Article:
Nigel has also created a website and shop for his channel, where he has a blog that he shares information about his videos on. He finds materials such as glassware and chemicals from various sources and is careful to warn viewers that certain experiments should not be conducted without proper safety materials and safely procured chemicals.

To learn more about NileRed, listen to the full interview and check out the links below.

YouTube channel: www.youtube.com/user/TheRedNile

Website: https://nile.red

Patreon: https://www.patreon.com/user?u=2448989

Instagram: http://instagram.com/nile.red

Twitter: https://twitter.com/NileRed2

EP 176: Udemy - the Largest Learning Platform on the Planet

As technology evolves, so does the way we use it in our own development. Udemy is one such company that’s taken advantage of the widespread availability of the Internet and brought education online through a global marketplace. Udemy offers anyone the chance to learn “any topic, anytime” through their online platform. Starting at $10.99, there are approximately 80,000 courses currently available on Udemy, ranging in subjects from languages to IT to personal development.

Founded by Eren Bali in Turkey, Udemy’s mission was to make education accessible. Bali was motivated by his own lack of education until he acquired a computer and was able to find resources from around the planet. Today, the company is well on its way to making high-quality education a staple for everyone, with offices in California, Turkey, Ireland, and Brazil.

While traditional academic topics such as math and history are what’s most common on similar platforms, at Udemy, these core topics are only a small fraction of the vast amount available, covering a broad range. Many classes focus on personal and internal success, such as meditation, stress management, relationships, and mental health. Still others are about physical success, with courses in dieting, first aid, dance, and nutrition. Entire sections are dedicated to professional and career skills, such as business, software, marketing, and design, and even more to creative skills, such as music and photography. Any subject that comes to mind is most likely available on Udemy.

Instructors create a course with the help of a community of other Udemy teachers and Udemy’s training and resources, and they are paid each time someone purchases it. At this time, Udemy boasts over 35,000 instructors for 24 million students, each with unique courses that reach a far broader audience than they otherwise could have.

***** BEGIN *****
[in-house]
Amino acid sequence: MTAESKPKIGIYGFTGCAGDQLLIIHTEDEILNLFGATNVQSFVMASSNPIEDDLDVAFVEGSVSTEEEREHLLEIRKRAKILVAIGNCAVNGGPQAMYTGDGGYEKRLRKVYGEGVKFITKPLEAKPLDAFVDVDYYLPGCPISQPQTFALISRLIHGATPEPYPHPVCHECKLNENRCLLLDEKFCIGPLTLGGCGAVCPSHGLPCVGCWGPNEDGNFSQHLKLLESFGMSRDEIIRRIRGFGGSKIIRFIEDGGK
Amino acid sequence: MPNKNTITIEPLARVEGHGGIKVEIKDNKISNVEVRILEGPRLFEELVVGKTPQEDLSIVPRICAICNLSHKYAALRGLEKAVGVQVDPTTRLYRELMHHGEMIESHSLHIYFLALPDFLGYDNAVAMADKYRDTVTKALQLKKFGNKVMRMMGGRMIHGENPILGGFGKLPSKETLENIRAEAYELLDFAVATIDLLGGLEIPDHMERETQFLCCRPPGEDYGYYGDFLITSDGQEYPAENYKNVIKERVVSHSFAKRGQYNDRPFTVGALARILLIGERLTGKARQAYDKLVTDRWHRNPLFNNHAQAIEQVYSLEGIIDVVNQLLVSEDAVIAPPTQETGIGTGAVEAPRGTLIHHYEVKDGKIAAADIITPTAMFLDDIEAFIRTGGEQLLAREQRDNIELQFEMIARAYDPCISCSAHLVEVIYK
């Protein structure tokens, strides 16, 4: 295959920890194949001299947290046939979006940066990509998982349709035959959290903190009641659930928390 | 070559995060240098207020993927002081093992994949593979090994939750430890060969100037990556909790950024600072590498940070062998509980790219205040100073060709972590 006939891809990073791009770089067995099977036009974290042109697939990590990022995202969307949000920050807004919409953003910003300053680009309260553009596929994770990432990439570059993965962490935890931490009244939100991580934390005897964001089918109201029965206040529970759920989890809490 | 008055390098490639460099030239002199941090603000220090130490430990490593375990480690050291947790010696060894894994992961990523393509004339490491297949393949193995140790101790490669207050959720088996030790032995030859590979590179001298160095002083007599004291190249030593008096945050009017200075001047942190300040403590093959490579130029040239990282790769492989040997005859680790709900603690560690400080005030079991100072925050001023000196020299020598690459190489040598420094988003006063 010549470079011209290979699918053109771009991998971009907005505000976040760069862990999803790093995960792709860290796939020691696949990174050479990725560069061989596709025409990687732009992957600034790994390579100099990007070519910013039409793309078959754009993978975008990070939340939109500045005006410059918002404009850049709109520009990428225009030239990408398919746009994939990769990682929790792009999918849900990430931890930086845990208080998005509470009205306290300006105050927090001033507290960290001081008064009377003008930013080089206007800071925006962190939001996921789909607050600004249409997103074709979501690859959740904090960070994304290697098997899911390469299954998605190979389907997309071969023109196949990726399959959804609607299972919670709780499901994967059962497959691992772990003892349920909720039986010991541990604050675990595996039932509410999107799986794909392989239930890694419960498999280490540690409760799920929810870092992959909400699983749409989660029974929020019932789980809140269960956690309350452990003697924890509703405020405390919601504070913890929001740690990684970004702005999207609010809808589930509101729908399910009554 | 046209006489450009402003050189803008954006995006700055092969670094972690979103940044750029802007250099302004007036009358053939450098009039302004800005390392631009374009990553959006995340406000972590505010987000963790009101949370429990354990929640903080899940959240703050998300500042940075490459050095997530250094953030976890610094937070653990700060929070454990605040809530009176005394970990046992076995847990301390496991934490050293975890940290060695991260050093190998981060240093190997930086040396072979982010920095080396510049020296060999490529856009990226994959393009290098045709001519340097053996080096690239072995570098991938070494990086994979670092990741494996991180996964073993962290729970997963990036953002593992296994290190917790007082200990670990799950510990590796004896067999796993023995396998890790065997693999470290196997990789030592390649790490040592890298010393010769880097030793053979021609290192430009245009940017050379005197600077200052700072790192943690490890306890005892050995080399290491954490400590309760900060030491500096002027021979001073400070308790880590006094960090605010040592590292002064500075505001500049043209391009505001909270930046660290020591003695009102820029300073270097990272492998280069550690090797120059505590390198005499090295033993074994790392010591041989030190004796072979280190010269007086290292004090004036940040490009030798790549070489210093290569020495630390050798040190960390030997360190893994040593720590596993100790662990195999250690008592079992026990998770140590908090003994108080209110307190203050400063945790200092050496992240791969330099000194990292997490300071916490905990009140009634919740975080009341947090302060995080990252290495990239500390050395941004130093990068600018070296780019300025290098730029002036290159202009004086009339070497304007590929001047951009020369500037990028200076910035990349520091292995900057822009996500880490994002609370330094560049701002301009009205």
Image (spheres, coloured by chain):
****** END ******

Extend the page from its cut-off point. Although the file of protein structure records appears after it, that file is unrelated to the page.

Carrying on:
Udemy also offers a learning solution for businesses to allow their employees to access top courses relating to employee skills and development. Companies currently utilizing Udemy for job training include Lyft, Volkswagen, and PayPal, among others.

In this interview, Shelley Osborne, Udemy’s Head of Learning and Development, discusses millennials in workplace and the untrue stereotype of millennials as lazy and entitled.

To learn more or sign up for your own class, check out the interview below with Shelley and visit their website at www.udemy.com

EP 175: Making Math Interactive at MoMath

In the early 2000s, the Goudreau Museum closed. It was a small math museum on Long Island, but it sparked an outrage among a small group of people who met up in 2008 to open a new math museum. Despite the need for effective math programming, there was no existing math museum in the United States.

Now, the National Museum of Mathematics, or the MoMath, aims to “enhance public understanding and perception or mathematics” through exhibitions and galleries that explain the role of mathematics in the things we see every day, with a particular focus on how art and math intersect.

MoMath is located in Manhattan, New York, and is open 364 days a year. It features programs and exhibits that strive to showcase math in a different light, in a way that is meant to spark enjoyment and interest in the subject.

Upcoming events include “Math Encounters,” an exhibit that explains the similarities between math and dance; “Escher,” a guided tour of an exhibit of works by artist M.C. Escher with Dave Masunaga; “Expressions,” a hackathon hosted by the museum; and “Math Walk in the Park,” a walk through Madison Square Park with Ron Lancaster, where he explains how math is present everywhere.

Other popular programs include the Derivatives tour and the Explorations program, which provides a hands-on experience in a classroom setting that allows families to explore math in a positive way. They have been visited by hundreds of thousands of people in the decade they’ve been open and have led programs and math tours in cities across the country.